Supposedly, a meteor strike along the way damaged the reactor’s control computer, which takes two years to cause various systems of the ship to stop working. Except, once again, things aren’t as shown. A fission reactor takes a good while to shut down in an emergency. The control rods have to absorb enough of the neutrons flying about to slow the splitting of atoms in the fuel rods, and whatever cools the reactor — water, typically — has to draw off enough of the heat.

To shut down a fusion reactor, all you have to do is shut off the flow of fuel. There’s only as much reaction going on as there is fuel in the chamber. So the much ado involved with opening a vent to let the hot gases out was needless histrionics. If those gases were to be vented as shown in the film, they would burn through many types of ion drive systems. And through the hero in the exhaust port, even if he is holding a hatch cover in front of him.

While I’m on the subject of the engine room, where’s the gravitational effect coming from? The spaces for the passengers are spinning. The central part of the ship is not. And if the ship has a rational design, which I started doubting only a few minutes into the film, the reactor is in the center section, as far as possible from where the people on board tend to hang out.

This critique is only a sample of the problems with Passengers. The premise of someone being alone in deep space potentially for decades unless he makes the decision to wake someone else up from hibernation who will thereby share the voyage with him but will also thusly be condemned to die before reaching the promised destination could have made a good story. Instead, we’re shown scene after scene of the man growing a beard and drinking, but doing not much else, and then comes a brief love affair, followed by an angry breakup. The audience, not having been given enough reason to care about the man, Jim Preston, and his plight, feels sorry for Aurora and empathizes with her when she dumps Jim for waking her up unnecessarily. And we never are given a reason to accept that she takes him back just because he’s not fried and then frozen while restarting the reactor.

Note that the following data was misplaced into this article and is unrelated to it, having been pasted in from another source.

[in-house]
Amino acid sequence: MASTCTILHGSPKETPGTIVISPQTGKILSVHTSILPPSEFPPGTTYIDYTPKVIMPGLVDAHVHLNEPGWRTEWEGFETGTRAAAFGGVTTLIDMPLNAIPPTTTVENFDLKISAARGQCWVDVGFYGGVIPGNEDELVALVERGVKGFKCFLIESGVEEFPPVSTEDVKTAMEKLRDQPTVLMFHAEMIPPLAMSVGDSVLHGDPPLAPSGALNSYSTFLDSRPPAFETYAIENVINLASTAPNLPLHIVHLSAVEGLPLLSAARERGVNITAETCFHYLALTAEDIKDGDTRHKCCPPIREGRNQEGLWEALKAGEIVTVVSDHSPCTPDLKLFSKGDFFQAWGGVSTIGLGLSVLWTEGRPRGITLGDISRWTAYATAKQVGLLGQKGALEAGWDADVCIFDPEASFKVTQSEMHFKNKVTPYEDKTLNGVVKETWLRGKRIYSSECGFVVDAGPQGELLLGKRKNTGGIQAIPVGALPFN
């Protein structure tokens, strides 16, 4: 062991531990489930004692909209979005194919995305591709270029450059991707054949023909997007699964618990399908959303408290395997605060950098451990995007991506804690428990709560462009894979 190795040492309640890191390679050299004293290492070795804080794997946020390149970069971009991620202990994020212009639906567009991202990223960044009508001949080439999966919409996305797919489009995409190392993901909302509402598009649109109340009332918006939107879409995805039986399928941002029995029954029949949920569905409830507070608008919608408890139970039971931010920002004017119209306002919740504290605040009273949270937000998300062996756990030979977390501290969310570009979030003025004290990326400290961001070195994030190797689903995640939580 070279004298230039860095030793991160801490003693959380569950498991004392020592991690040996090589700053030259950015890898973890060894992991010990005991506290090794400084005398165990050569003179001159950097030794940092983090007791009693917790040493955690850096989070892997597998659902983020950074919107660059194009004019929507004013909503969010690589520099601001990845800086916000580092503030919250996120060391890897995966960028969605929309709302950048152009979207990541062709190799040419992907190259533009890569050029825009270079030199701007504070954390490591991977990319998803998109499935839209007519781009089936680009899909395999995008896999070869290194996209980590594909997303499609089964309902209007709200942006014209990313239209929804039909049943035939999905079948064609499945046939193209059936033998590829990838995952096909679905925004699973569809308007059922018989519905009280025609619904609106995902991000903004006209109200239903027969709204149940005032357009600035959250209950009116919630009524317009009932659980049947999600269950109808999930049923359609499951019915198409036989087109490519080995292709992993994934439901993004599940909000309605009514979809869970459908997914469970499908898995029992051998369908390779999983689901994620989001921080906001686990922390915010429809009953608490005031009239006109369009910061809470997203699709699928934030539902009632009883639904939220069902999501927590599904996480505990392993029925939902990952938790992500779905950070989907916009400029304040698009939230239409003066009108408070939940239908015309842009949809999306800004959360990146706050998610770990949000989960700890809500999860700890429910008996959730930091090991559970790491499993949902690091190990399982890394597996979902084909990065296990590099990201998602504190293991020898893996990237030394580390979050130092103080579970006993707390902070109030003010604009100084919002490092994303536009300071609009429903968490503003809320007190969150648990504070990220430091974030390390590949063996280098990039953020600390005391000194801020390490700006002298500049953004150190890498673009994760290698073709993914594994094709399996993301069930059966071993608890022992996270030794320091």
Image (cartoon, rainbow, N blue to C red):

If this were simply a bad film, I’d let it go. But as a writer in the genre, I take abuses of science fiction personally. That’s especially so since I’m working right now on the third book in my Concordia Series, a story that features a starship with a rotating habitation ring and an ion drive. The story could have been so much better had a competent writer developed it. It could have been a decent horror story told through the mechanism of a romance. But thanks to its many flaws, it ended up being a failure.

For more of my writing, including the first two novels of the Concordia Series, go here.

Gee, Camp, what were you thinking? Supports gay rights, #2a, #1a, science, and other seemingly incongruous things. Books available on Amazon.